Development of three-dimensional biomaterials containing stem cells and neurotrophic factors for brain repair in Parkinson's disease
Keywords: 
Materias Investigacion::Farmacia::Química farmacéutica
Parkinson
Parkinson’s disease (PD)
Brain repair
Three-dimensional biomaterials
Issue Date: 
28-Mar-2022
Defense Date: 
21-Dec-2021
Publisher: 
Universidad de Navarra
Citation: 
TORRES, Pablo Vicente. "Development of three-dimensional biomaterials containing stem cells and neurotrophic factors for brain repair in Parkinson's disease". Garbayo, E. y Blanco, M.J. (dirs.). Tesis doctoral. Universidad de Navarra. Pamplona, 2021.
Abstract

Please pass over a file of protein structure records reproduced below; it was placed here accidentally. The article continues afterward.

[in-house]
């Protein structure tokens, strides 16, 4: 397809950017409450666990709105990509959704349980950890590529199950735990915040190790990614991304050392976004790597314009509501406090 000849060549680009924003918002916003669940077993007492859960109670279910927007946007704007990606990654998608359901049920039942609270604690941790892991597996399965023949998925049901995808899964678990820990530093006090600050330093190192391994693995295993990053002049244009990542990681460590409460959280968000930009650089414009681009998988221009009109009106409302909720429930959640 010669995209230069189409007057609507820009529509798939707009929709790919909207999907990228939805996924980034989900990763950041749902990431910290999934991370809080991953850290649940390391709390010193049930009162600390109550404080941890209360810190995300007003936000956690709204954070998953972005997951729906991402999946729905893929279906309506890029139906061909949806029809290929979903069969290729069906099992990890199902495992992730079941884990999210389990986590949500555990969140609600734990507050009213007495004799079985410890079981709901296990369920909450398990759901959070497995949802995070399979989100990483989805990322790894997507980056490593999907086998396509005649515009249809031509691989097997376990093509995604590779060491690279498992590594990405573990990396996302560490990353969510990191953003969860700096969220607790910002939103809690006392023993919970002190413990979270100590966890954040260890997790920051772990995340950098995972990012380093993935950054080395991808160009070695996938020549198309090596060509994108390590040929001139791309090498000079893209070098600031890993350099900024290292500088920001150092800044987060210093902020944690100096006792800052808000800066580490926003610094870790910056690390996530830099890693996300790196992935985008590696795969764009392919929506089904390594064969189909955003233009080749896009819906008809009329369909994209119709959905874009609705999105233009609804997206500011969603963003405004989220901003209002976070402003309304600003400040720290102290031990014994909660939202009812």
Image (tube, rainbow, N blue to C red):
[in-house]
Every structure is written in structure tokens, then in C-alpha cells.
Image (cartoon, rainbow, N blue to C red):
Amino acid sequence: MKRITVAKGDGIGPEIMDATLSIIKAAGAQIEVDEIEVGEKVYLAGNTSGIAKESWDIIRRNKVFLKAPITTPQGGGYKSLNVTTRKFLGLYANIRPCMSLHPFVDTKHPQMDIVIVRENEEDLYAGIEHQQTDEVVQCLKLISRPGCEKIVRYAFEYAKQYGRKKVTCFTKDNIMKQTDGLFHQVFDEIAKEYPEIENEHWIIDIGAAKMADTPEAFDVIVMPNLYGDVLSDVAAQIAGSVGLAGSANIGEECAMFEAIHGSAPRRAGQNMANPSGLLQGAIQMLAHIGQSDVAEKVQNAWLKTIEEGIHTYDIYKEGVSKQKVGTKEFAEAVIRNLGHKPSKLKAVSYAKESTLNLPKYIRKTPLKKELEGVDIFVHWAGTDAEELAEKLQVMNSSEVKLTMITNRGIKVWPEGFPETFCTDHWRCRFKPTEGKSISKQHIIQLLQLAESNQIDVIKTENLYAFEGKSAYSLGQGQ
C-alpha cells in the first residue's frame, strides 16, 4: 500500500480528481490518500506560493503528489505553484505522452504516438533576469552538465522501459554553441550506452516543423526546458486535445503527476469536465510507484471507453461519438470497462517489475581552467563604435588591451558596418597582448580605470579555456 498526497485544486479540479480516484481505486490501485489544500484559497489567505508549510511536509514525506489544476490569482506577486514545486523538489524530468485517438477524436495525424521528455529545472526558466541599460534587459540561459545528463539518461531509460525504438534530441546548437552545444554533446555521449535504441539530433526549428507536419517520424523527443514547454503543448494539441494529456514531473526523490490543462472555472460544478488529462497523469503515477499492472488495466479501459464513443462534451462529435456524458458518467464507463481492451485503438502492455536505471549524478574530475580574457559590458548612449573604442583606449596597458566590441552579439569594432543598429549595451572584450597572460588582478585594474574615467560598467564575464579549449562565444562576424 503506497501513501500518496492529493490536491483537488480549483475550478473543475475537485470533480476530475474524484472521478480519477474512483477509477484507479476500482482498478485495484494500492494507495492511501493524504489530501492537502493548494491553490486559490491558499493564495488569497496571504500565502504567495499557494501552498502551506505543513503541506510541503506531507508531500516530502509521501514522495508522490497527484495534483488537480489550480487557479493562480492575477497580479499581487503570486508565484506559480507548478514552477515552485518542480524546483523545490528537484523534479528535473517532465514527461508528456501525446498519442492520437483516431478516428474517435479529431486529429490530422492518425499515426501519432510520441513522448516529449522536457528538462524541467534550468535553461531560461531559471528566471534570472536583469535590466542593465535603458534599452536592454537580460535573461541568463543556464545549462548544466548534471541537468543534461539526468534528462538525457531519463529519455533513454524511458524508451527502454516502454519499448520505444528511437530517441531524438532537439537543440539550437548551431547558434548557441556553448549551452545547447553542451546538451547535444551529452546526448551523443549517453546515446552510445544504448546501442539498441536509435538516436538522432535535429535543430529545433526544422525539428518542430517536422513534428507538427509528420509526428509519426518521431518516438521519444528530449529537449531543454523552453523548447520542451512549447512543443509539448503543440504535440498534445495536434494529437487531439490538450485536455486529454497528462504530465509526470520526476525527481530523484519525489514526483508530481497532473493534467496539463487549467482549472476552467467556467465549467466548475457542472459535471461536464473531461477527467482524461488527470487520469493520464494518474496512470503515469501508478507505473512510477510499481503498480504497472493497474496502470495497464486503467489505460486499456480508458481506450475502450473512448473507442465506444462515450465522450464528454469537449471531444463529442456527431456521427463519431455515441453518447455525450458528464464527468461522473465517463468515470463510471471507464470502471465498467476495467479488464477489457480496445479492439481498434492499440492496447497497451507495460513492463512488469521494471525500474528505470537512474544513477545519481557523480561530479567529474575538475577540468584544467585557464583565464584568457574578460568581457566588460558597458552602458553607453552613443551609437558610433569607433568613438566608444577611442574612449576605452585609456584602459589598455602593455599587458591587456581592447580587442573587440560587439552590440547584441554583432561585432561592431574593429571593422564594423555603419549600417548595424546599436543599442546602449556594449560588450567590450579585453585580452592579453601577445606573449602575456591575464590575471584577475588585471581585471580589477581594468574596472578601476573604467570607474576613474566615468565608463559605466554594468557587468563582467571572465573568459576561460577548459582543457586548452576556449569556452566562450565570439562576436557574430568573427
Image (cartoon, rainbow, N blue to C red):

Therapeutical management of Parkinson's disease (PD) is predominantly focused on controlling motor symptoms and there is no gold standard treatment strategy. Consequently, the medical treatment is tailored to each patient, based on the severity of their symptoms and the adverse effects associated with their medication. Unfortunately, the available therapies provide temporary relief of symptoms but are unable to reverse and halt the disease progression. In the light of this situation, this thesis addresses the development of a PD-modifying therapy where stem cells and the glial cell line-derived neurotrophic factor (hGDNF) are included in a nanoparticle-modified HG. To this end, the following challenges were investigated: 1)The production of clinical-grade therapeutic hGDNF to provide appropriate post-translational modifications and to solve the safety issues related to the immune response (Chapter 1). 2)The assessment of hGDNF potential to modulate the gene expression profile of two cell types with potential for clinical use in PD: Dopaminergic neurons derived from human induced pluripotent stem cells (hiPS-DAns) and human mesenchymal stem cells (hMSCs). (Chapter 2) 3)The development and characterization of an original drug delivery system for brain tissue engineering, where hGDNF and hMSCs are rationally combined into a nanoreinforced HG for their simultaneous administration into the brain (Chapter 2). In the introduction, some of the most encouraging micro- and nanotechnology advances for PD application are summarized and discussed. The experimental section of this thesis is divided into two chapters. The first experimental section presents a novel biphasic temperature cultivation protocol to improve the expression of hGDNF with a high degree of purity and a specific glycosylation pattern. In these experiments, an RNA vector was electroporated into the baby hamster kidney cell line and the electroporated cells were incubated at 37ºC or 33ºC with 5% CO2. A significant improvement in cell survival and hGDNF expression was demonstrated with the increase in the temperature from 33ºC to 37 ºC during the shut-off period . In consonance, this protocol led to the production of almost 3-fold more hGDNF when compared to the previously described methods. Subsequently, in the second chapter, the potential of hGDNF to induce changes in the transcriptome of two cell types with potential for clinical use in PD (hiPS-DAns and hMSCs) was evaluated. The observed effects suggest that this neurotrophic factor can stimulate the expression of genes involved in neuronal plasticity and neurogenesis in both cell types. Next, the neurotrophic factor was successfully encapsulated in polymeric NPs to be subsequently included in a HA-HG modified with adamantane and cyclodextrin. In this section, the mechanical properties of this scaffold were investigated. Then, the neural compatibility of the system was studied on PC12 cells and its compatibility with the hMSCs cell line was explored. Regarding mechanical properties, the developed biomaterial demonstrated shear-thinning and self-healing features. Moreover, the NPs incorporation into the HG allowed a more sustained hGDNF release profile, as well as a significant reduction of drug release at two weeks. Importantly, this scaffold provided an ideal environment for PC12 and hMSCs. In summary, the suitable strength, excellent self-healing properties and good biocompatibility make this HG a good candidate to administer drugs and cells for brain repair applications. Finally, a comprehensive perspective on the different hypotheses set forth in this thesis as well as their scientific contribution to the brain regenerative field is provided in the General Discussion.

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